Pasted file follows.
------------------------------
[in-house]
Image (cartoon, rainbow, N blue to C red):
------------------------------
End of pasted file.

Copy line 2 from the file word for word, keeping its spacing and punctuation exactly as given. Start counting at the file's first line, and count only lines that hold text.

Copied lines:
Image (cartoon, rainbow, N blue to C red):